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Adeno-Associated Virus VP1u Exhibits Protease Activity

Department of Biochemistry and Molecular Biology, Center for Structural Biology, The McKnight Brain Institute, University of Florida, Gainesville, FL 32610, USA
Author to whom correspondence should be addressed.
Viruses 2019, 11(5), 399;
Received: 27 March 2019 / Revised: 18 April 2019 / Accepted: 19 April 2019 / Published: 29 April 2019
(This article belongs to the Special Issue New Insights into Parvovirus Research)
PDF [2074 KB, uploaded 29 April 2019]


Adeno-associated viruses (AAVs) are being developed for gene delivery applications, with more than 100 ongoing clinical trials aimed at the treatment of monogenic diseases. In this study, the unique N-terminus of AAV capsid viral protein 1 (VP1u), containing a canonical group XIII PLA2 enzyme domain, was observed to also exhibit proteolytic activity. This protease activity can target casein and gelatin, two standard substrates used for testing protease function but does not self-cleave in the context of the capsid or target globular proteins, for example, bovine serum albumin (BSA). However, heated BSA is susceptible to VP1u-mediated cleavage, suggesting that disordered proteins are substrates for this protease function. The protease activity is partially inhibited by divalent cation chelators ethylenediaminetetraacetic acid (EDTA) and ethylene-bis(oxyethylenenitrilo)tetraacetic acid (EGTA), and human alpha-2-macroglobulin (A2M), a non-specific protease inhibitor. Interestingly, both the bovine pancreatic (group VIIA) and bee venom (group III) PLA2 enzymes also exhibit protease function against casein. This indicates that PLA2 groups, including VP1u, have a protease function. Amino acid substitution of the PLA2 catalytic motif (76HD/AN) in the AAV2 VP1u resulted in attenuation of protease activity, suggesting that the protease and PLA2 active sites are related. However, the amino acid substitution of histidine H38, which is not involved in PLA2 function, to alanine, also affects protease activity, suggesting that the active site/mechanism of the PLA2 and protease function are not identical. View Full-Text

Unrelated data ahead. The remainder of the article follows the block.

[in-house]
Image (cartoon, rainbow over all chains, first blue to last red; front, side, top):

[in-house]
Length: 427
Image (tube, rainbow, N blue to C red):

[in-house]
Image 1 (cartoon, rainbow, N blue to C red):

Keywords: Adeno-associated virus; AAV; protease; phospholipase-A2; PLA2 Adeno-associated virus; AAV; protease; phospholipase-A2; PLA2

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This is an open access article distributed under the Creative Commons Attribution License which permits unrestricted use, distribution, and reproduction in any medium, provided the original work is properly cited (CC BY 4.0).

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Kurian, J.J.; Lakshmanan, R.; Chmely, W.M.; Hull, J.A.; Yu, J.C.; Bennett, A.; McKenna, R.; Agbandje-McKenna, M. Adeno-Associated Virus VP1u Exhibits Protease Activity. Viruses 2019, 11, 399.

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